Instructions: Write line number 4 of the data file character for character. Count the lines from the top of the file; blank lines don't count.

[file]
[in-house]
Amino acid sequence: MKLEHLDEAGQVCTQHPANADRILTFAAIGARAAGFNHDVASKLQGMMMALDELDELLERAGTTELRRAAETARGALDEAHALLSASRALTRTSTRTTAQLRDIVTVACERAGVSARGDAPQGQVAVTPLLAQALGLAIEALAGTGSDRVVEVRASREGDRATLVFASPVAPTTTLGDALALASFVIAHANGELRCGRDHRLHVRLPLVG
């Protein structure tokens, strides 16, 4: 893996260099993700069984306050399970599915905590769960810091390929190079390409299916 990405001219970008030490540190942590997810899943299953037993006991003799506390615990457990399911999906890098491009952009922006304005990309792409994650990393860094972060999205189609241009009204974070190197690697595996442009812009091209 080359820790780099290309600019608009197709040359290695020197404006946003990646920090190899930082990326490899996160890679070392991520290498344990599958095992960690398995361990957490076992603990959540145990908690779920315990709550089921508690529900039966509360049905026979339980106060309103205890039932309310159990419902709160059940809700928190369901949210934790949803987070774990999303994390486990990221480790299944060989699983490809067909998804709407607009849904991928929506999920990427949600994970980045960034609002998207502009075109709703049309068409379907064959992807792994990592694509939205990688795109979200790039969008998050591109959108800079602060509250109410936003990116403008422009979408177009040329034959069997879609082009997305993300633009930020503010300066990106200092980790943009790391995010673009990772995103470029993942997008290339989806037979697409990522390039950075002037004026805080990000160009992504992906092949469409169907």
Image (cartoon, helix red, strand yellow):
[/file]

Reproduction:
Image (cartoon, helix red, strand yellow):